In comes the Pulse Gen ZX and WOW …Cary on steroids. Music is smoother (in the sense of being more naturally resolving as opposed to being slightly overly so), less edgy or aggressive, but with no sonic fallbacks. What I mean is that the player's strengths are still there; it is still the EMM CDSE with all that that brings to the table (can you say tonal neutrality and linearity?). See, with the Pulse Gen ZX there is nothing being taken away sonically. Well, actually no, the Pulse Gen ZX does take away the crap that was holding the EMM back. With the Pulse Gen ZX, the EMM is as good as the Cary is in how the Cary is so very, very good. No, it does not sound just like the Cary; the EMM still retains its own inherent character, it is just that its strengths are magnified and any weaknesses or shortcomings are cleanly obliterated. Music now has a greater sense of natural quietness while still possessing a beguiling expressiveness -- it swings and sings. For lack of a better word, this sense of calm and quiet within the music allows it to be way more open and expansive. The midrange is richer and fuller: there is now more color to them bones. This is simply way better. Stupid better actually. Wow.
Hey let's try one in the Cary and see what happens., but the problem is that while it warms up the EMM by giving it more tonal color and naturalness, what worries me is that sonically that is not what the Cary needs. Those qualities are the player's strengths. Move the Cary further in that direction and we are in trouble here. No, what it does is to simply make the Cary sound like a way better Cary 306. With the Pulse Gen ZX, there is less obstruction of the details and whatnot that was keeping us from hearing it all -- that is you get more resolution; something that many criticize the Cary of not having enough of, especially when compared to the likes of the EMM CDSE. With the Gen ZX, the Cary portrays music with less of the player's inherent tonal darkness that is heard by some as an overly rich tonality or in being too warm-ish. Yeah, the Cary is now better; you get way more of the Cary's strengths and way less of what was in the way. It is faster, more visceral, and with more quietness-ness and calm between the notes -- just like I hear in the EMM. You hear more of the Cary and less of the crap.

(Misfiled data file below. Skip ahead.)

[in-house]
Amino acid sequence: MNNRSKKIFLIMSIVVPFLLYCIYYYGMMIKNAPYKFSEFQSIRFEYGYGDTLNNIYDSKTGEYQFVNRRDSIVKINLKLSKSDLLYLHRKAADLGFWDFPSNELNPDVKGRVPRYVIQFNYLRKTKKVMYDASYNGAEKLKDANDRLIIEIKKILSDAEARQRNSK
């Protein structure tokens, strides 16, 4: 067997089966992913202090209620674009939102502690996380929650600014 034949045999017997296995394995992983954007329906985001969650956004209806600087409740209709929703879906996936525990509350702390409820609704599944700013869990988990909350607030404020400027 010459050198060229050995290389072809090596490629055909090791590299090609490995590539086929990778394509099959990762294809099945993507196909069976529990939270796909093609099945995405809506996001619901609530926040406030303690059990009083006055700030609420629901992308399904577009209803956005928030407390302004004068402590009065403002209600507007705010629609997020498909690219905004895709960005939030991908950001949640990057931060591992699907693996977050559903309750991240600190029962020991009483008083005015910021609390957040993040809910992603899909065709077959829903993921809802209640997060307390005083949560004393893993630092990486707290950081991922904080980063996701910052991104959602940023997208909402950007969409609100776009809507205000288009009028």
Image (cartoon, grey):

In listening to these two components with the Pulse Gen ZX, it is really difficult to put into words what is really going on. I have communicated as clearly and as succinctly as I can what I, and others, have heard from the EMM and Cary players with a Pulse Gen ZX. The problem is that the Pulse Gen ZX is not additive, meaning it is not adding anything into or onto the sonic tapestry. It does not change how your stuff sounds by adding to, or modifying anything in, the signal. The Pulse Gen ZX requires a new vocabulary in how it is ultimately subtractive -- in what it takes away from the sonic tapestry. There is a greater sense of emptiness and space between the notes and frequencies, there is simply way less of the crap and stuff that hinders a component from sounding as it really should sound. You get to hear the music, all of the music. Well, all that the component is capable of reproducing. I don't see the Pulse Gen ZX being a fix-all for something that simply does not sound that good to being with. It simply ain't going to fix any character flaws by cleaning up the EMI/RFI that is mucking up the play. On the other hand, it will reveal the ultimate beauty being hidden in truly stellar products. If you think your gear sounds good now, well …you got to hear it with a Pulse Gen ZX. I am going to try these in the Claytons and the Cary SLP-05 as soon as I can get my hands on three more, but till then the Pulse Gen ZX is highly recommended.
--By Dave Clark, positive-feedback.com